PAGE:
More security, transparency, and scalability: What blockchain needs for mass adoption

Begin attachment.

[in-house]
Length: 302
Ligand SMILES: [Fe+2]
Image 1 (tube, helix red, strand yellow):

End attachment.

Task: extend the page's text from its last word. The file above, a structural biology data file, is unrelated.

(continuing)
In February 2022, the Ukrainian government ran a crypto donation campaign to support victims of the Russian invasion. When the nation tried to reward those who had contributed to the fundraiser by sending crypto wallet holders complimentary NFTs, a slew of scammers took advantage of the government’s generosity, causing the operation to cease. Rug pull scams like this, where cyber criminals drain money from unsuspecting investors, aren’t uncommon in the crypto space, unfortunately. Shortly following the Ukraine rug pull, in March this year, hackers discovered a weakness in the Ronin blockchain used by popular play-to-earn platform Axie Infinity. In the security breach, the scammers ended up stealing $165 million from Axie’s parent company, Sky Mavis. In addition to rug pull scams, cryptocurrency exchanges can be compromised through poor security or fraud. This is what happened in 2014 when the Mt. Gox exchange collapsed in a years-long attack by hackers. By the time the breach was detected, a loss of between $300 million and $480 million of users’ funds had occurred. Since the attack, it has been estimated that $1.5 billion in cryptocurrencies have been stolen from exchanges. Blockchain’s utility isn’t limited to just cryptocurrency, though. The shared and immutable ledger’s ability to provide transparency and security allows it to be applied to numerous other sectors, including real estate, supply chains and gambling. Although the technology has taken the world by storm over the last few years, issues like the inability to hold scammers accountable for rug pull scams have plagued the industry, preventing it from being adopted into the mainstream. Additionally, large demand on blockchains that slow their transaction speed requires improvements to the technology’s ability to scale, a problem that many blockchains have so far struggled to achieve. Newcomer to the blockchain space, Zetrix, has found a solution to address issues relating to transparency and security in the blockchain. It can facilitate smart contracts and deliver privacy, plus its cryptographic infrastructure can be introduced to multiple industries, creating a more transparent and efficient process. Zetrix’s network also has incredible scaling ability, being able to withstand 10,000 transactions per second. In addition, Zetrix uses DPoS (Delegated Proof of Stake) to secure the blockchain by ensuring representation of transactions within it. DPoS is designed for implementing tech-based democracy using elections and voting processes to protect from centralization. The Zetrix DPoS mechanism is implemented through smart contracts with a dynamic upgrade mechanism that adjusts to the difficulty level of validating node access as Zetrix’s network expands, which means no matter how vast the network grows, the privacy and security of its users will remain intact. As an added measure, the consensus mechanism allows transactions to be validated before being added to the blockchain, and all validators are voted in via a contract. In a groundbreaking new report by the Institute of Industrial Internet & IoT, China Academy of Information and Communications Technology (CAICT), the blockchain confirmed that it can complete transactions using a significantly low amount of energy compared to other blockchains. Specifically, it only requires 21 super nodes and 100 common nodes to complete a transaction, compared to Bitcoin, which uses 2.2 million super nodes, and Ethereum’s Proof of Work (PoW) blockchain which uses 2.3 million super nodes. Zetrix’s mission is to connect countries and their governments, businesses, and people to a global blockchain-based economy. The platform wants to make native blockchain and cross-chain solutions accessible and effortless by bringing rapid-deployment solutions to the market with meaningful benefits and real-world impact for countries, businesses, and users. By building a future ecosystem of Ubiquitous Trust Networks, the next-generation layer-1 public blockchain infrastructure allows value to be transferred freely on and across blockchains, just as information moves freely across the internet. As a result, by harnessing digital assets, decentralised applications can be developed and deployed rapidly on its network. Blockchain technology has been rapidly adopted by many industries over the past decade, but mainstream adoption still remains a challenge due to the prevalent issues faced including issues with security, transparency, and scalability. Newcomers to the space like Zetrix are proving that these issues can once and for all be addressed, providing a much-needed step forward for this revolutionary technology.